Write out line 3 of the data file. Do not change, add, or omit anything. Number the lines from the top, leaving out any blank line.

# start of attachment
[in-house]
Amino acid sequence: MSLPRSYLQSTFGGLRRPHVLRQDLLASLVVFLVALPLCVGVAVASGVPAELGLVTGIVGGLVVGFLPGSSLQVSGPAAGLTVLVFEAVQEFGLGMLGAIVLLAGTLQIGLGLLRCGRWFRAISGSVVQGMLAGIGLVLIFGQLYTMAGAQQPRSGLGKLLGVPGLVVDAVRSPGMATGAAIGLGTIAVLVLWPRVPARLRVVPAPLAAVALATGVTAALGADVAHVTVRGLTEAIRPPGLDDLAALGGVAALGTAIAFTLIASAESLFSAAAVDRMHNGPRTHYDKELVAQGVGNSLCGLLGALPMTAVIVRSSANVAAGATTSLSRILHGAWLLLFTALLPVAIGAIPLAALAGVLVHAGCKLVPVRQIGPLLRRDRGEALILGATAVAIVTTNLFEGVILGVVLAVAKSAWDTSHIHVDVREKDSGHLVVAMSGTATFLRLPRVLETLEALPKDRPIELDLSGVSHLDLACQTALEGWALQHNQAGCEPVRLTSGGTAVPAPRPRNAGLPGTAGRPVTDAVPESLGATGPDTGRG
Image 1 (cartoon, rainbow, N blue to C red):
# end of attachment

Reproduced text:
Image 1 (cartoon, rainbow, N blue to C red):